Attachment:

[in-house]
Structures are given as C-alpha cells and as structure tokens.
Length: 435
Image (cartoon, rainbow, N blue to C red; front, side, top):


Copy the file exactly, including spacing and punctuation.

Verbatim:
[in-house]
Structures are given as C-alpha cells and as structure tokens.
Length: 435
Image (cartoon, rainbow, N blue to C red; front, side, top):